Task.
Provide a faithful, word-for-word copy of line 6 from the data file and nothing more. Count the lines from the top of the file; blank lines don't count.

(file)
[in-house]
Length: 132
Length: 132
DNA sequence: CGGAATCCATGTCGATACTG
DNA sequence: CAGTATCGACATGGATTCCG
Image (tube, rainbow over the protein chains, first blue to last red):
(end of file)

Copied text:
Image (tube, rainbow over the protein chains, first blue to last red):